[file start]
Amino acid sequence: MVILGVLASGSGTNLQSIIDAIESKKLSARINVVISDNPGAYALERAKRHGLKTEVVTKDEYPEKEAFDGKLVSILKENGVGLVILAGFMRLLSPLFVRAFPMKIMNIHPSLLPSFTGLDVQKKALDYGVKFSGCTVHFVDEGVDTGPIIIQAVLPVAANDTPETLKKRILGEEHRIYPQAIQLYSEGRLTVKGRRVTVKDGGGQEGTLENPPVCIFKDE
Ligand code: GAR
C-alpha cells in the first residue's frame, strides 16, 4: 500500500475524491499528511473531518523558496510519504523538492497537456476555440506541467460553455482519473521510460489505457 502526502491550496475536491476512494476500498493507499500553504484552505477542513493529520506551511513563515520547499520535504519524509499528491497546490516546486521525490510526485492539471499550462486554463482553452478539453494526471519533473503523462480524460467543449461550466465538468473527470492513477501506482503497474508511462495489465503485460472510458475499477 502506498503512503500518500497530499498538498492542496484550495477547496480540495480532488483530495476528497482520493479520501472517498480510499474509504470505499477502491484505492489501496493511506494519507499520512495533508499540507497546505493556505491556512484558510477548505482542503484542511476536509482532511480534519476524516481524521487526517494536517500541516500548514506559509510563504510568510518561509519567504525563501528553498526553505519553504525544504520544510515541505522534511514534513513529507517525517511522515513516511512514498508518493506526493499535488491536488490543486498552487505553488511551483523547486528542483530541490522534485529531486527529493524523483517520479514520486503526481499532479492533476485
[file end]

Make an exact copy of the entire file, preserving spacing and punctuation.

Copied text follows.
Amino acid sequence: MVILGVLASGSGTNLQSIIDAIESKKLSARINVVISDNPGAYALERAKRHGLKTEVVTKDEYPEKEAFDGKLVSILKENGVGLVILAGFMRLLSPLFVRAFPMKIMNIHPSLLPSFTGLDVQKKALDYGVKFSGCTVHFVDEGVDTGPIIIQAVLPVAANDTPETLKKRILGEEHRIYPQAIQLYSEGRLTVKGRRVTVKDGGGQEGTLENPPVCIFKDE
Ligand code: GAR
C-alpha cells in the first residue's frame, strides 16, 4: 500500500475524491499528511473531518523558496510519504523538492497537456476555440506541467460553455482519473521510460489505457 502526502491550496475536491476512494476500498493507499500553504484552505477542513493529520506551511513563515520547499520535504519524509499528491497546490516546486521525490510526485492539471499550462486554463482553452478539453494526471519533473503523462480524460467543449461550466465538468473527470492513477501506482503497474508511462495489465503485460472510458475499477 502506498503512503500518500497530499498538498492542496484550495477547496480540495480532488483530495476528497482520493479520501472517498480510499474509504470505499477502491484505492489501496493511506494519507499520512495533508499540507497546505493556505491556512484558510477548505482542503484542511476536509482532511480534519476524516481524521487526517494536517500541516500548514506559509510563504510568510518561509519567504525563501528553498526553505519553504525544504520544510515541505522534511514534513513529507517525517511522515513516511512514498508518493506526493499535488491536488490543486498552487505553488511551483523547486528542483530541490522534485529531486527529493524523483517520479514520486503526481499532479492533476485